Cap considerations and the Broncos actually wanting what the Titans could offer player-wise would make it difficult to put together the sort of deal you propose. And the Titans would create an awkward environment with two starters.
They are going to need another quarterback soon, but I don't think it lines up to be this one.
Brian Fullford in Jacksonville writes: Considering he went to Vanderbilt and with the aging Collins and bust in Young, why is Tennessee not more of a choice for the Cutler? I imagine Fisher would love his fire and wouldn't have a Cutler in the backfield be a bigger draw for FA wide receivers? On another note, I'm a bit shocked at some of my Jaguar brethren. The uproar at the Jones release has them clamoring for Gene's head. It is a sad affair when such mediocrity is missed. I don't believe for one second this pushes WR up the charts at the #8 pick but does it put more of an impetus on trading out? I like Oher but if he is hot\cold like some are saying then the Jags may have Raji, Monroe and Smith kids they would be willing to pay #8 money. What does your gut (or sources) tell you, Paul?
Paul Kuharsky: I certainly think the Titans would like to have Cutler as their quarterback for the long haul. You ask why Tennessee isn't more of a choice for him. He's not doing the choosing here. He's under contract to Denver, and Denver can choose to trade him wherever it likes or not to move him and deal with the consequences of the impasse.
Free agent wide receivers are not wary of Tennessee as so many people seem to suspect, at least not because they don't like the offense. When the Titans offer a big contract, people jump. Nate Washington got a pretty good deal considering his resume and he had plenty of interest from other teams. There was no headliner in this free agent class. David Givens, who had horrible luck suffering a horrible injury, had other good options and didn't hesitate to sign in Te
As for Matt Jones, I thought he turned into a nice possession guy last year. It's a lot easier to find one of those than a deep threat, which the Jaguars always seem to need.
I think B.J. Raji and Eugene Monroe will be gone by No. 8. If Michael Crabtree or Jeremy Maclin fall there, I think they'd be hard to resist no matter the track record. Perhaps best-case is a quarterback there and the Jets or someone in love with him wanting to trade up. But Jacksonville's got to end up with an impact guy at the top of this draft.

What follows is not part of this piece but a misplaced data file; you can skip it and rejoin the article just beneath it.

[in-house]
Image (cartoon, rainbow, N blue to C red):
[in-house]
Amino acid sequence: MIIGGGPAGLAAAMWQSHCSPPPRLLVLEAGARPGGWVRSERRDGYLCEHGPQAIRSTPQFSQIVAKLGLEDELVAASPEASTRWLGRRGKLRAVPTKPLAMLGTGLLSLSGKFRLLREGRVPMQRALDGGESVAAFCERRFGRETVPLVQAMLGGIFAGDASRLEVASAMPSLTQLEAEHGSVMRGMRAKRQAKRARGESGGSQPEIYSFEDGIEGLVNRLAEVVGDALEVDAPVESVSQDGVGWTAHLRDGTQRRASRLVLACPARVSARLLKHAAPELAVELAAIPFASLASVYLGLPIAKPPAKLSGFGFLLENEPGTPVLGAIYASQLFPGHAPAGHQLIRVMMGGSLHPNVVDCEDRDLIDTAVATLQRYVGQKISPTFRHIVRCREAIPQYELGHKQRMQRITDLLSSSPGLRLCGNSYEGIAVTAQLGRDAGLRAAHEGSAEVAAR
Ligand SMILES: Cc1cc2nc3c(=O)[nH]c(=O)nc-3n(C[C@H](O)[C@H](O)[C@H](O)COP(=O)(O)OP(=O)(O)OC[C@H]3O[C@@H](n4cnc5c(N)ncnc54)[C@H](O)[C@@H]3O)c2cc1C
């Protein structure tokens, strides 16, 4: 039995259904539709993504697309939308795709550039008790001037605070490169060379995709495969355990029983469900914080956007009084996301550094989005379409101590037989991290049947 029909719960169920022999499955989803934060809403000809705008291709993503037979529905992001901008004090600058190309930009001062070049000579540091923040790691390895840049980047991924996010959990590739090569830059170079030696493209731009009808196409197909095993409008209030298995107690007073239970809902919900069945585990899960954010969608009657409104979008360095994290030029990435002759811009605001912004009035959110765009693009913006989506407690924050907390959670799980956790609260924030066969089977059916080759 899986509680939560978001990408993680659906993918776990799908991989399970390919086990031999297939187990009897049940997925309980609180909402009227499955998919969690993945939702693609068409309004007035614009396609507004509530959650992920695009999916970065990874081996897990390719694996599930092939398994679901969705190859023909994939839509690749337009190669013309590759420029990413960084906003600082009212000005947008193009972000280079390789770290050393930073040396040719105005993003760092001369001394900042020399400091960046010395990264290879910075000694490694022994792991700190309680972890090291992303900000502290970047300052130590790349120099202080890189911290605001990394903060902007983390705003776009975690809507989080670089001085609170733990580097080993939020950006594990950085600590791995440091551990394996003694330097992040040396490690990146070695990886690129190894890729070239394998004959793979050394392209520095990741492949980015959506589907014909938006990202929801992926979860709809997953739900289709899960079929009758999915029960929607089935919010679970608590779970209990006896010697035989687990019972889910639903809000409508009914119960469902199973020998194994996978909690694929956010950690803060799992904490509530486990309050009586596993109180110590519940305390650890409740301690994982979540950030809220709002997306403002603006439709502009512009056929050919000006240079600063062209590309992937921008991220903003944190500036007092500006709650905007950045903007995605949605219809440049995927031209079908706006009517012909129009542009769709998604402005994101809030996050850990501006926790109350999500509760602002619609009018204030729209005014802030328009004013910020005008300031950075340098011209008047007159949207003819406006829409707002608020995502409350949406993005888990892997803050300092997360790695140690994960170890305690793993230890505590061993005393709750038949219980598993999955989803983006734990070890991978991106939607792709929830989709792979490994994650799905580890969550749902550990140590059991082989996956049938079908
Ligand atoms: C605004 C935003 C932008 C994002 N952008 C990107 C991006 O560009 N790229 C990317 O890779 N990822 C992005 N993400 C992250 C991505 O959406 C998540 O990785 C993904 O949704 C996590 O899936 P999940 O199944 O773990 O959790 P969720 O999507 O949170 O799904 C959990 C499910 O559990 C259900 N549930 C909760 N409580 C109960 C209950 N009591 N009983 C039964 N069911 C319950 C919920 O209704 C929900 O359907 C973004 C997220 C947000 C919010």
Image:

William Guice from Spring Hill, TN writes: I was hoping for the NFL to at least discuss a new overtime method, but oh well. I have an idea for a new overtime model & would love your thoughts... How about field goal attempts/free kicks...like penalty kicks in soccer. The only people on the field are a kicker & his holder. Each team gets 3 attempts from the 40, then the 45 (if needed), then the 50 (if needed), then the -45 (if needed). Alternating turns. Flip a coin to pick end or who goes first. The one who has the best round of kicks at a yard line wins! Go no further back than the -45. It makes teams have kickers that can kick the long ball. Can you imagine the pressure of just a kicker & a holder on the field with a rocking or a silent stadium...waiting to see if that guy can make the kick. Anyway...just a crazy idea. Peace ~
Paul Kuharsky: My strong feeling is that a football game needs to be decided by football, not a gimmick. The college construct is gimmicky enough -- teams don't even naturally take possession of the ball at the opponents' 20. They certainly don't naturally ever have only a kicker and holder on the field with a game on the line.
I've got no problem with NFL overtime as it is. I'd have no major issue with a rule that the team that loses the toss gets to field a punt or a kickoff before the game becomes sudden. Anything more than that I am against.